“Mark’s been around a really long time and his family has been around a long time,” said Sheila Bronfman, a Democratic consultant in Arkansas and longtime ally of the Clintons. “People like him and they trust him. They trust where he comes from and how he was raised, and I just think that’s making a big difference here.”
July 8, 2014
Three new campaign ads hit the Arkansas airwaves Tuesday, with less than four months to go in one of the most competitive Senate races in the country.
Democratic Sen. Mark Pryor and Republican Rep. Tom Cotton are fighting for a seat crucial to the GOP’s hopes of winning the Senate majority. They took aim at each other in their respective ads, while GOP-aligned Crossroads GPS tied Pryor to the Affordable Care Act, President Barack Obama and Washington.
Arkansas ranks fourth in independent-expenditure spending, behind Kentucky and North Carolina — which feature competitive general-election races — and Mississippi, which just concluded an extended GOP primary. Full story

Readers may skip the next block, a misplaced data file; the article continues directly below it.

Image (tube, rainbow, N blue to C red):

June 25, 2014
The Club for Growth, a perpetual thorn in the side of many Republican operatives, took a hit Tuesday in Mississippi, where Sen. Thad Cochran survived a primary challenge despite a significant investment from the anti-tax group.
The Club for Growth’s super PAC arm spent $2.4 million against Cochran, according to figures compiled by the Center for Responsive Politics. That’s a significant chunk of the $3.8 million it’s expended so far this cycle against Republicans.
What’s more, the defeat of state Sen. Chris McDaniel means the club has now failed to topple arguably its top two GOP incumbent targets of the midterm cycle — Cochran and Rep. Mike Simpson. The club spent nearly $500,000 for Bryan Smith, who lost his May 20 challenge to the Idaho Republican.
June 23, 2014
Democrats are gearing up to unleash the Clinton Dynasty.
They hope deploying the popular former White House occupants could help drum up money and hype in what could be a tough election year for the party. Democrats see the power couple as an asset, especially because Republicans have no singular unifying figure who can hit the trail.
But good thing there’s two of them.
Democratic operatives say each half of the Clinton duo appeals to different segments of the electorate — so assignments to races must be deliberate and strategic.